Bitcoin arose as the first peer-to-peer payment system without any central authority or middlemen. In only a few years, it has been followed by a host of other payment networks, now collectively known as cryptocurrencies. They are neither created nor controlled by any government, a fact which concerns many (particularly banks and governments).
But for the ordinary consumer, cryptocurrency can have countless benefits. It allows users to make easy transfers between one another without having to depend on a third party such as a bank. It also comes with minimal processing fees, a fact that allows users to avoid higher fees charged by banks. Finally, it allows a level of privacy that doesn’t come with conventional transactions. While cryptocurrency is not without its issues, it could be a step in the right direction for many in the world. So why are some governments so staunchly critical of this progression? And how exactly is cryptocurrency challenging the way the world operates?
Let’s take a look at the perceived threat of cryptocurrencies, and why governments all over the world are so afraid of them.
The Difference between Crypto and Fiat Currency
The main difference between cryptocurrency and fiat currency (or fiat money) is that one of them is backed by the government, and the other is not.
Fiat currency is backed by a central government, it is considered legal tender, and is the money we typically use to buy goods and services and pay our taxes. Cryptocurrency, on the other hand, is decentralized, which means it is not backed by a central government or bank. While fiat currency varies from country to country, cryptocurrency is global.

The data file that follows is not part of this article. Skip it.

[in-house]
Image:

Since cryptocurrency does not have a central authority and is not created or supplied by governments, they have no control over it. Some governments claim that the problem with cryptocurrency is how easily it can be used for money laundering and illegal purchases, however, it is important to note that these things have already been done with fiat currency for decades. The real threat goes far beyond that for governments and banks.
The Loss of Control
The value of conventional currencies is, at its core, arbitrary. We believe money to be valuable because we are told that it is, not because it has intrinsic value. Money is not worth anything on its own; it is worth what governments say it is worth and, for many people, this is becoming less and less satisfactory.
By using central banks to issue or destroy money, and by maintaining economic influence through monetary policy, governments essentially control the flow of money. They can intentionally increase or restrict how much money circulates in an economy. Therefore, the existence of independent currencies means a significant loss of control for the government.
Competing for Power
But what are the practical implications of this loss of control? To begin with, if cryptocurrencies were widely adopted, the entire banking system would be rendered obsolete. Many economic theories point to corruption in the banking system and arbitrary government control of currency as the cause of recessions and unemployment. Because of this, a currency that cannot be corrupted or tinkered with for profiteering is a dream-come-true for the ordinary consumer, but a nightmare for governments and banks.
Other theories argue that one of the biggest reasons governments dislike cryptocurrencies is because of their anonymity. Since fiat currencies are controlled by central authorities, they are also a simple means of surveillance. Without the same level of control on crypto, governments aren’t able to track financial transactions made with a cryptocurrency.
The overarching threat that cryptocurrencies pose to governments are their ability to take back control. Simply put, governments fear decentralized currencies because they take power and control away from the government, and put them into the hands of the consumer.